September 3, 2014
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Back to School begins with farm fresh veggies
FARM FRESH: Shelley Pezza, who owns and operates the farm with her family, explains how the veggies are grown.

While parents often struggle with getting their children to eat healthy, Sodexo, the student nutrition provider for 11 school districts throughout Rhode Island, is ready to help.

Sodexo, a partner in First Lady Michelle Obama's Let's Move initiative to end childhood obesity, sent nearly 40 representatives from throughout the state to Pezza Farm at 2279 Plainfield Pike in Johnston Tuesday morning to meet with farmers and participate in a tour of the farm, which will be supplying fresh vegetables to students during the upcoming school year.

“I’m looking forward to this partnership,” said Shelley Pezza, who, along with her family, owns and operates the farm. “We’re growing vegetables specifically for them. They gave us their order and told us what their expectations are and we’re trying as hard as we can to grow fresh vegetables for the kids.”

When the vegetables are ready, Pezza staff picks them and sells them to Roch’s Produce of West Warwick, who then distributes the food to Sodexo. It isn’t exactly an easy task, said Pezza, as Mother Nature cannot be predicted. For Pezza, it’s both exciting and scary.

“For vegetables to be ready on a specific date is really the most stressful part,” she said. “Peppers and tomatoes are easy because you pick them continually, but with cauliflower and lettuce you have a short window. The lettuce bolts and the cauliflower bruises. [Sodexo is] very patient with us, which is huge.”

But Sodexo employees have no complaints. Production Manager June DiLorenzo said she chose the farm because of its wide variety of vegetables. This, she said, will best help Sodexo teams plan and create menus that meet the new federal school meal guidelines created by the Healthy, Hunger-Free Kids Act, while supporting local agriculture.

To prepare, seeds were planted the last week of July on nearly 12 acres of land. The selection includes lettuce, cherry and grape tomatoes, green and purple peppers, yellow and butter beans, white and purple cauliflower, broccoli, escarole and kale.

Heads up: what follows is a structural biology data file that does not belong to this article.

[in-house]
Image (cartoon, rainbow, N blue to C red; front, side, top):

During the tour, Sodexo teams were treated to a hayride and explored the crops to come up with menu ideas. They are all excited about exposing the children to healthy meals.

“Having them try new vegetables, as well as the fact that they are grown locally, hopefully will create some excitement,” said Marc Roy, general manager for Warwick Public Schools. “We’ve offered kale salad and have had some success. At first, it was a little alien to them but it’s important for them to see it more than once so they have more than one opportunity to try it. If they pass it up the first time, they might try it the second or third time.”

Lynne Conca, general manager for the Cranston team, agreed and noted the importance of working with the farm directly. She also said it would be fun to bring the children to the farm.

“Maybe we can get some field trips out here so the kids can see where the food comes from,” she said.

Donna Walker, general manager of West Warwick, thinks that’s a great idea.

“They see it at the farm and then they see it on their plates,” she said. “If you serve it, they will eat it and it just grows and grows from there.”

Further, Walker said helping them plant their own crops is another good incentive for children to eat healthy.

“Right now, I have a little pumpkin patch at one of the schools,” she said. “The third graders helped plant it and they each have their own pumpkin. We’re going to roast the pumpkin seeds and make pumpkin breads.”

Not only do the children understand the importance of eating healthy, they also get the opportunity to work together and learn how to cook.

“It’s all about getting the children involved,” Walker said. “Some of these kids live in areas where they don’t ever leave the city. Sometimes, a child only knows about a red apple; they don’t know about Granny Smiths or a golden delicious because they are not exposed to it. This is about exposure and putting it in front of them.”

Pezza Farm, which occupies 48 acres of land, was established in 1947. In addition to produce, they also have 12 greenhouses and sell mums, annuals, perennials and poinsettias, and house animals such as horses, ducks, sheep, chickens, roosters, cows and, of course, two dogs, Tucker and Copper. The farm is open from March to Dec. 24, with fall activities such as hayrides and scarecrow making in the fall.

Sodexo provides healthy school meals while supporting student well-being and achievement in the following Rhode Island districts: Cranston, Warwick, West Warwick, Cumberland, Exeter-West Greenwich Regional, Foster, Foster-Glocester Regional, Glocester, Pawtucket, Providence and Woonsocket Public Schools.


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